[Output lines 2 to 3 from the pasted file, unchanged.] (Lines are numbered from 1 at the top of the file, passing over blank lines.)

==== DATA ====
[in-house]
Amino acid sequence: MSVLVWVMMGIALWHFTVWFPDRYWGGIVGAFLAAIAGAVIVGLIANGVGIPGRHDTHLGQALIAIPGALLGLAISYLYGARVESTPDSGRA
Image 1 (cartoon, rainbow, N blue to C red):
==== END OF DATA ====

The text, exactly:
Amino acid sequence: MSVLVWVMMGIALWHFTVWFPDRYWGGIVGAFLAAIAGAVIVGLIANGVGIPGRHDTHLGQALIAIPGALLGLAISYLYGARVESTPDSGRA
Image 1 (cartoon, rainbow, N blue to C red):